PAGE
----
Of the Tree, huddled in the adjacent corner,
In its ribs, injecting fertile water,
As it, circled coins, in his midst.

We’ve grown, the seeds of our trees,
In every yard of our city,
Watering and pleasing our pets, everyday,
Yearning the joys of our life,

I’ve read, on Earth, Trees are slaughtered.
Would they beloved ?
Procured by them is the life preserving gas,
Nor Chocolates, neither cash or gold.

Two Souls by Richard Dukes

Two souls entwined
Cut by the thorns on a vine

For blood that is shed
It dries with the air we breathe
The air that we share

Forgiveness that is true
Shall peel away the stain

Forgiveness that is true
Shall take away the pain

And for the thorns that exist
The vine can grow
Adapt so that they’re missed

And turn them against outside force
Not internalise or new wounds cause

Two souls entwined
Until the end of time

Come for a walk by Fay Pilliner

Come for a walk, says Daisy
We can follow the woodland path.
We can climb a tree, says Ivy
It’ll be fun we’ll have a laugh.
We can make a swing, says Willow
And film it on our phones.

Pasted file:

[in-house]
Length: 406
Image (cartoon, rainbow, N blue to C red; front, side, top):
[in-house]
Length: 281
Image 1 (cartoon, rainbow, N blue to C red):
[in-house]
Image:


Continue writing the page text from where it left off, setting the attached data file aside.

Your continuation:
We can build a den, says Violet
You don’t want to stay home alone.
We can hunt for feathers, says Holly
And listen for the woodpeckers knock.
We can look for blackberries, says Hazel
And gather nuts when they drop.
It’ll be an adventure, says Heather
We’ll find Elves, Trolls, Fairies and Sprites
We can play hide and seek, says Fern
Come quick while it’s still daylight.
We can do some cool bark rubbing, says Ash
In the woods we can de-stress.
I’ll come for a walk in the woods, I say
But I’m NOT making mud pies in this dress!

A Bristled Door by Rhianna Levi

You open that latch, on the front of an abruptly bristled door.

Carvings of dream work centred in its long life of history.

Dissecting it would be melting the colour from ?a sturdy flower.

Please do leave it be.

Behind are the cries of a young barn owl, becoming accustomed to the inky darkness that replaces comfort often found in the sun.

They know this very bristled door, creaking sounds can be heard within.

Alterations are not welcomed here.

The door weeps in the form of dark blood, triggered by the very sky.

That substance is its being, disturbed by your uncomfortable presence.

How dare you stand there, with an axe that holds no place.